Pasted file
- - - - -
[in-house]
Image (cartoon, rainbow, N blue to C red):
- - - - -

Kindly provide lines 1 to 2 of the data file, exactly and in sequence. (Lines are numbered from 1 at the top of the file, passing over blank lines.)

[in-house]
Image (cartoon, rainbow, N blue to C red):